Hidden gems and Easter Eggs thrown up, but not yet uncovered
Connecting people with games that may go on to be some of their all time favorites is one of the best things about writing for Destructoid. With River City Ransom: Underground, I wonder if I did enough on that front. It’s one of the biggest, most detailed 2D beat-’em-ups I’ve ever played. I’d wager that it has 50 times the content of related games like River City: Tokyo Rumble or Double Dragon IV. Yet, not many seem to know this, hence the game’s three paltry professional reviews on Metacritic.
My guess is that people saw the River City name and figured that Underground was of similar size and scope as its predecessors, not knowing how much there is under the surface that they’ve missed out on. It’s an example of how a well known but not hugely popular name can work against you. If The Matrix had been called Johnny Mnemonic: Underground, it probably wouldn’t have done quite as well.
— Bannon Rudis (@BannonRudis) May 2, 2017
The good news is, Steam is eternal. With frequent updates and continued fan word of mouth, River City Ransom: Underground may still find its full audience. That may take a while though, at least when it comes to the game’s many secrets. After all, people can’t talk about things they don’t know. YouTuber ObsidianDraconis has found a lot of the smaller Easter Eggs and bonuses in the game, like the flying robot, Merlin’s Shop, and the cats’ giant yarn sword, but we’re still a long way to go from seeing everything. For instance, it took the community about a month to find all of the game’s hidden books, and they practically aren’t even secrets.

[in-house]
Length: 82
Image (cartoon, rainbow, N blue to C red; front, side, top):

On top of the hidden vomit combat system, the game has at least one secret boss, some playable characters, and a totally bizarre, hilarious event that no one has uncovered yet. They’re all really cool, potentially game-selling features, but I can’t tell you much more than that. River City Ransom: Underground‘s lead artist and combat system designer Bannon Rudis showed them to me last month in exchange for the promise that I wouldn’t talk. In fact, as one of the few people who’ve seen these features first hand, I may have already said too much.
Personally, I think if he were to go public with these secrets, it would do a lot to draw people into picking up his game, but that’s not his goal here. Not unlike Seth Killian’s Mega Man 9 secret tease, all Bannon wants is to give players the sense of mystery and discovery that he experienced with the original River City Ransom on the NES for the first time, all those years ago. I just hope that he hasn’t done so at the expense of people knowing about, and then later enjoying, all the great stuff he made.